Guy Kawasaki (Alltop)
Sep 18, 2009 –
I use a service called Evernote to fulfill my pack-rat and archiving needs. Evernote is a service “in the cloud” that you can dump notes, documents, photos, and tweets into for future access from any computer with Internet access. (Jennifer Van Grove also talks about it in her article.) Here are fourteen uses of Evernote that can help you organize, archive, and share information.
- Take notes. Taking notes in Evernote is way better than searching for that pad of paper that’s lost or at home. It’s also better than a text document on your computer because either you won’t remember the name of the document, you won’t have that computer, or you will have deleted the document inadvertently.
- Take pictures. Got into a fender bender? Take a picture of both cars, the other car’s license plates, and the other driver’s license. Drink a great bottle of wine? Take a picture of the label. See a book that you must read? Take a picture of the cover. Evernote has a great iPhone app that enables you to upload these pictures directly to your account.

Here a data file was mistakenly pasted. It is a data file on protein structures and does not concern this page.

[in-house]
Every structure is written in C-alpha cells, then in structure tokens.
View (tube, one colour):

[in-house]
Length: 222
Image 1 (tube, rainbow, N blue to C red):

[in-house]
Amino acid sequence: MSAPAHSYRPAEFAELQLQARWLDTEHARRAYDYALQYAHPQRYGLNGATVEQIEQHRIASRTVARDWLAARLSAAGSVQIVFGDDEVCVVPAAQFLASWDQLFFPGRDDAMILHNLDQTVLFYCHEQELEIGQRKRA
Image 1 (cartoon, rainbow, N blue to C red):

- Save documents. When I receive a document (PowerPoint, Word, Excel, or PDF) that I’ll need again, I forward it to Evernote for safekeeping. This is easy because Evernote provides a unique email address to enter documents in your account. I do the same for pictures that people send me. This is very useful when you use more than one computer to create documents or send/receive email.
- Photograph business cards. Rather than collecting a pile of business cards that you’ll never go through, photograph them with your iPhone and send their images to Evernote. Evernote recognizes text on the card, so you can search for names such as “Apple” or “John” when that’s the only thing you can remember about the person. If you’re using Evernote on a mobile phone, it can also geotag the photo so that if you can only remember that you met the person in Cupertino, you can still find it. And you can save trees: When someone hands you her card, take a picture of it and hand it back.